Religion has been a tool used in the oppression of LGBTQ+ people around the world. From Christianity to Islam, we read and hear of the atrocities committed against queer people simply because they do not conform to heteronormativity.
In the past few years, young people have left organised religion because of the anti-LGBTQ+ rhetoric. While many would argue that the language in the bible has been changed countless times due to translation, others would argue that homosexuality is still not accepted in Christianity. The same goes with Islam. We read things like “you can’t be gay, and Christian.” or “you can’t be trans, and a Muslim.” This leaves you to wonder if the purpose of religion is to deny people of their faith, make them question their identities while perpetuating violence against them.
“I left Christianity because of the violence I faced,” Nelson, 27* says. According to Nelson, he was never safe as a Christian. “I lived with my parents and even though they knew I was bisexual and didn’t want to do anything with the church, they still forced me to. They felt the church was going to change me and that I would get delivered from the spirit of homosexuality running in my body, but when nothing happened, it became a war, and I had to move out.”
Tosin*, 24 believes that Christianity is nothing but unprovoked hatred. “My mum caught me and my then-girlfriend having sex in my room. I was reported to the pastor who told them to bring me to the church, and well, I don’t want to remember what happened, but know that I went through the worst form of conversion therapy possible. What did they do to me?”
Negative experiences like this make some LGBTQ+ people leave the religion they grew up with, and go in search of something else, like Voodoo. Unlike its Hollywood representation, Voodoo isn’t about dolls or causing harm to people who offended you. Just like other religions, Voodoo prides itself as a religion of peace, and it welcomes everyone, no matter their gender, or sexuality. In Benin, the Voodoo religion is practised by over 40% of the population, it is a recognised religion with a public holiday.
“I went to Benin to stay with an aunt after I ran away from home and she welcomed me. They (her and her husband) knew everything that happened to me, so they did everything to protect me. That was when I went to Ouidah with a new friend, and we got to see the Temple of Pythons. I became open to trying out Voodooism despite the bad things I had heard about it.” Tosin says. Tosin who now lives in Benin was never a believer in Voodooism, but after her visit to Ouidah and after her friend introduced her to a few people, she was willing to try it out. “I was given some items, I was taught how to pray and ask for things, and I saw different gods that I fell in love with. The best part is that they are kind. I told them I’m a lesbian, and they didn’t seem to have any issue with it. It’s been close to three years, and I don’t think I can go back to Christianity.”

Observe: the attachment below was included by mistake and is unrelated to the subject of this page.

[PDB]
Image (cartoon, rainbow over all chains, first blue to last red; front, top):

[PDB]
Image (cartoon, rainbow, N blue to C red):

Nelson had gotten introduced to it through the internet five years ago; after moving to Italy. “I want to believe that there are people who are tired of Christianity, and then go in search of their truth. I was once like that. I wanted something else to give me peace the way I thought Christianity did. I don’t remember what I was searching for, but I stumbled on a page that talked about Voodooism in Haiti and Benin, and I became interested. The more I searched, the more I wanted to know more. The day I knew I was never going back to Christianity was after I attended the Plaine-du-Nord festival which is held in Haiti. After that festival, I knew that was it for me and I finally found my peace.”
For queer people who turn to Voodooism, peace seems to be one of the reasons why they decide to give it a try. It could also be because of the connection between Voodooism and queerness. This connection can be found in the Voodoo gods who embody different gender identity and expressions. These gods are seen as a representation of queer people because of their appearance. Some of these gods are referred to as queer because of the life they must have lived, and transgender because of their gender expression.
“If you read, and maybe have Voodoo friends, you will surely hear us talk about our gods. My favourite is Baron Samedi because he is shown as a bisexual trans man. I believe he has an appearance in a Netflix show about witches” Kristoff, 24* says. Kristoff who is an ex-Muslim sees Baron Samedi as a representation of themself. Although they live in Paris where they can’t find other Voodooists, they never fail to tell people around them about the religion and their favourite god.
LGBTQ+ people need safe spaces that don’t discriminate, and Voodoo is giving just that to the people who were bold enough to leave the religions they were brought up with behind.
*Names have been changed to protect contributors identities.
Haitian Vodou and sexual orientation